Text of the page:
In an attempt to resolve this, I ended up diving down a pretty deep rabbit hole. I rewrote the server implementation so that it would read and then forward messages rather than just stream them through to each other with cat. Once I got that working, I encountered a weird issue. When the shell launched, it would send the shell header (crap about Microsoft and Windows version), but not the prompt. When I would send a command, it would display the prompt and then the output. Below is an example of what I mean:

Connecting to reverse shell...
Microsoft Windows [Version 10.0.19041.685]
(c) 2020 Microsoft Corporation. All rights reserved.

whoami
C:\{path to cwd}>mydomain\cjmay

By troubleshooting, I figured out that for some reason the reverse shell wasn’t even sending the prompt until it received a command. Since I didn’t change anything on either client from when it was working, I figured it had to be a network buffer issue with the server. I tried hard, read all sorts of online forums, and rewrote the server multiple times before understanding that the Python ssl library interacts with the operating system buffers in weird ways and sometimes doesn’t tell the program that there’s data in a buffer. This even breaks things like using ‘select’ in an asynchronous receive process.

Rather than pour more time into trying to figure out if what I was doing was even possible, I decided to rewrite my programs entirely and implement the encryption myself. I went back to my original server implementation and rewrote my clients to perform the key exchange solely between the two clients once they were connected.

This was my first time writing a key exchange for a network program, so it took me some learning to implement this. Once I got it ironed out, I was back to having readable communication between the clients. Immediately my heart sank. I seemed to be having the same error that I had with the ssl library where the prompt was being displayed after I sent a command. But then I noticed one slight difference. The shell seemed to be sending the prompt before it got the command this time!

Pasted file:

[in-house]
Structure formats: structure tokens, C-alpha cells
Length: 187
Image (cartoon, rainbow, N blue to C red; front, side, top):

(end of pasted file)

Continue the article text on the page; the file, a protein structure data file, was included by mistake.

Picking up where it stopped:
Connecting to reverse shell...
Performing key exchange...
Microsoft Windows [Version 10.0.19041.685]
(c) 2020 Microsoft Corporation. All rights reserved.

whoami
C:\{path to cwd}>whoami
mydomain\cjmay

I ran some various tests, and it appeared to be true. Not only was the shell sending the prompt before it got the command, but the operator was receiving it! So why wasn’t it printing? After more trying and reading, I finally figured it out. There was ANOTHER buffer that was blocking the output. It was the print statement! Since the prompt didn’t end with a newline character, the print statement was buffering all the previously printed characters on that line until it received a newline.

It turns out, you can turn off a print statement’s buffering by adding flush=True to your print function arguments. After a long process of frustration and growth, I finally have a working product.

Connecting to reverse shell...
Performing key exchange...
Microsoft Windows [Version 10.0.19041.685]
(c) 2020 Microsoft Corporation. All rights reserved.

C:\{path to cwd}>whoami
mydomain\cjmay

I’m super excited to get this integrated into my existing tooling that I have at work and test it out with my team members. It wouldn’t be a proper troubleshooting post without morals of this story:

  1. Don’t be afraid to totally change your code when you are really stuck
  2. Hope you never find yourself in buffer hell